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Welcome to my Blog

So, it seems that you want to spend some time reading what I have to say. Well, thank you and welcome! It's my hope that each time you read something it inspires you, makes you question your beliefs, challenges you, teaches you something and hopefully gives you a few chuckles along the way. I am not a 'writer', but I do love to teach and this a fantastic forum for that, I will talk about what I know and sometimes challenge conventional thinking on a variety of subjects but I will never be intentionally disrespectful. Having said that though, I might ruffle the odd feather sometimes... Thanks for listening.

Susan

I have not rushed in to writing my first blog about the World Massage Championships (WMC) that took place last month in Copenhagen.  Like many of my colleagues I have been asking myself about the impact that these competitions could have on our industry, positive, negative, harmful or uplifting, in order for me to back them we must come out the better for it.

I am not convinced they are 100% good for the profession but, I am more pro-event now than I was before, if anything the competitions have given me an appreciation for all the different forms of manual therapy, 'massage', that unknowingly I was ignorant of before.

I was one of the judges in the Western Freestyle Section of the WMC and along with two other judges we had the tough job of rating 74 participants over two days, it was hard, but both Jill and Angelica were amazing, we were all working from the same hymn sheet and although we were not in 100% agreement (as it should be) there was a distinct commonality between all three of our approaches and what we deemed 'a good performance'.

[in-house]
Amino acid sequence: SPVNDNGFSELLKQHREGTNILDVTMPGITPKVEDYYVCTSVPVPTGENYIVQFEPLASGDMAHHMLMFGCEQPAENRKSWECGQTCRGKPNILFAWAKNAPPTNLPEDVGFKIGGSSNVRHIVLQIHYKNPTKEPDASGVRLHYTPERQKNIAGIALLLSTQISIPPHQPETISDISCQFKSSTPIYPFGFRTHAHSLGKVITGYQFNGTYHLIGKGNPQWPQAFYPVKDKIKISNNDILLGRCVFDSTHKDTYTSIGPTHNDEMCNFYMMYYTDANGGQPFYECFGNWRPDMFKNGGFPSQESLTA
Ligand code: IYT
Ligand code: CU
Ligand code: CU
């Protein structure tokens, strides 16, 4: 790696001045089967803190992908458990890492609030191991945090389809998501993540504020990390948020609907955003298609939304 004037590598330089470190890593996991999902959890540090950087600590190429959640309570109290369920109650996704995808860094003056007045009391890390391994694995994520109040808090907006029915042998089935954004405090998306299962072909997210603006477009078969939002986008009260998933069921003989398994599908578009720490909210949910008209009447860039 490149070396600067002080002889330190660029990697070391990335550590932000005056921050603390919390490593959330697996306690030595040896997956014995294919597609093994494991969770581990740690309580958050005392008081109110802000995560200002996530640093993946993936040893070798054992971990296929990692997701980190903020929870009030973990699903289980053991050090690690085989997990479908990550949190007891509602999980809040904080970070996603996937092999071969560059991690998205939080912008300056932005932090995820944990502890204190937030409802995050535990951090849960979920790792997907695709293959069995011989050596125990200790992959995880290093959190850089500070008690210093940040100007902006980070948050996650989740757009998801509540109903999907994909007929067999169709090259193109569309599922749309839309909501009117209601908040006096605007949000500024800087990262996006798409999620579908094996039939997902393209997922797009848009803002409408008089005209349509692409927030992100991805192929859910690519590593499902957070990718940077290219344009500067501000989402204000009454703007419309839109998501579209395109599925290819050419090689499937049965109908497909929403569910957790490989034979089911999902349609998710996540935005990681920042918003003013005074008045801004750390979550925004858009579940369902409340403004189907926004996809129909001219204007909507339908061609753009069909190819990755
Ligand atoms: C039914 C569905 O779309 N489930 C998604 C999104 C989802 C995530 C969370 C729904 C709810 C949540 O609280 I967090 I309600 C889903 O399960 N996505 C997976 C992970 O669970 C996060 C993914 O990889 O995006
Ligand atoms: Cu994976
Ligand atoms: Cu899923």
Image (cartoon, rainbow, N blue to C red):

I have been asked 'how can you evaluate the performance of each of the therapists?' My response, the same way I have been evaluating my students for the past 15 years when taking their exams, the same way I can tell the difference between a really good dancer versus a moderately good one. (I spent the first 20+ years of my life training as a dancer, understanding movement is second nature to me). It is like anything that you invest your time in, with practice and experience you become more attuned to the skill. As a teacher, examiner, practitioner, having fulfilled these roles for most of my life I can see what a therapist is feeling and how they're responding to it, there are subtle indicators that tell you if they're making a connection with what they are feeling, are they present or are they mindlessly performing. This is the art of being a teacher, a judge, the same thing happens in the Olympics, when the judges rate the gymnasts on their apparatuses, they recognize the higher level of skill just from observation.

I can only speak for the group I was involved with, I had two experts with me, as a collective group we made fair calls based on the criteria that was set out before us. We conferred with one another at the end of each session, we were often in agreement without having spoken to one another during the process. This is important, it removes any prejudices from the equation and it demonstrates that quality does shine through to a practiced eye.

So what was it that caused us to pay particular attention to certain therapists? Was it the innovation or was it the process by which they achieved it? I will write more about this in future, but for now I want to highlight that as long as the judging is made up of those who have experience, those who have a well practiced eye for recognizing what meets an eloquent delivery that has both skill and innovation, then I will trust the process.